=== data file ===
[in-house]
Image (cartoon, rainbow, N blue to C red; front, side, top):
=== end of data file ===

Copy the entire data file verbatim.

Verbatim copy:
[in-house]
Image (cartoon, rainbow, N blue to C red; front, side, top):